Broadcast Spawning in Corals: What are the Odds of Success?
Brain Coral spawning in Flower Garden Banks National Marine Sanctuary
Photo by: Emma Hickerson, Courtesy of the NOAA Photo Library

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Focus Question:

Do corals gain some advantage by spawning all at once?


Background / Rationale:

Many organisms reproduce only in a limited season. In temperate climates, birds have young in spring, so that they are capable of migrating before winter arrives. In tropical climates some organisms only reproduce in the wet season, while others lay eggs only in the dry season. These patterns are specialized to aid the survival of each particular species. But reef building corals carry this pattern to an extreme, with nearly all the colonies on a reef spawning in a single night, and neighboring colonies spawning just a day or two before or after. Is this an advantage to the corals in some way? Is there a way we can test this pattern of reproduction statistically?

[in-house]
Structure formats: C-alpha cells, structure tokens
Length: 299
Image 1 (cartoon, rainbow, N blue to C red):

Materials needed:

  • Approximately 50 toothpicks. Your teacher may suggest a similar item.
  • A separate area on the floor of between ¼ and 1 square meter. You may select certain tiles on the floor, or use a circle of string or square frame made with four rulers, as shown.


Student Activity:

Select an area of the floor (or outside, if your teacher suggests it) to do your experiment. Mark off the study area in the form of a square or better yet, a circle. You will be doing two series of trials, as described below. In both parts of the experiment, we are representing the potential reproduction of an equal number of coral colonies. In both parts, the same total number of gametes is released, but in the first part, the reproduction is spread out over five nights. In the second part, the reproduction occurs all in the same night.

Part 1: